4. Finally, support both react-router based UI workflows and simple stand alone react view UI workflows in kraken-js

As we started working towards the above requirements, we realized that there was a lot of boiler plate involved in using react-router along side with simple react views in an express app. react-router requires its own route declaration to be run before a component can be rendered, because it needs to figure out the component based on URL dynamically. But plain react views could be just rendered without any of those intermediate steps.

We wanted to take this boiler plate that happens at the express render time and simplify it using a clean api. Naturally, all things pointed to express’s `res.render`. The question became very clear now on how `res.render` can be used as-is without any api facade changes but support both react-router rendering and regular react view rendering.

Thus react-engine was born to abstract all of the complexities into the res.render!

So in simple terms, react-engine is a Javascript library for express based NodeJS web apps for rendering composite react views. The phrase composite react views reflects react-engine’s ability to handle rendering of both react-router based UI workflows and stand alone react views.

Render Example
// to run and render a react router based component
res.render('/account', {});
// or more generically
res.render(req.url, {});

// to render a react view
res.render('index', {});

Notice how the first render method is called with a `/` prefix in the view name. That is key to the react-engine’s MAGIC. Behind the scenes, react-engine uses a custom express View to intercept view names and if they start with a `/` then it first runs the react-router and then renders the component that react router spits out or if there is no `/` then it just renders the view file.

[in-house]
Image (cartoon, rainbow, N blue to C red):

Setup Example
var express = require('express');
var engine = require(‘react-engine');

var app = express();

// react-engine options
var engineOptions = {
  // optional, if not using react-router

// set `react-engine` as the view engine
app.engine('.jsx', engine.server.create(engineOptions));

// set the view directory
app.set('views', __dirname + '/public/views');

// set js as the view engine
app.set('view engine', 'jsx');

// finally, set the custom react-engine view for express
app.set('view', engine.expressView);

In a nutshell, the code sets react-engine as the render engine with its custom express View for express to render jsx views.

react-engine supports isomorphic react apps by bootstrapping server rendered components onto the client or browser in an easy fashion. It exposes a client api function that can be called whenever the DOM is ready to bootstrap the app.

document.addEventListener('DOMContentLoaded', function onLoad() {
    client.boot(options, function onBoot(renderData) {
The complete options spec can be found here. More detailed examples of using react-engine can be found here

We love react at PayPal and react-engine helps us abstract out the boiler plate in setting up react to be used with react-router in isomorphic express apps and focus on writing the business logic.